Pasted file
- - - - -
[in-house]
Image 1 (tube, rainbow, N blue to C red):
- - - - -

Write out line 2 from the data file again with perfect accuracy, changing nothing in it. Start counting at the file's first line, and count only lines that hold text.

Image 1 (tube, rainbow, N blue to C red):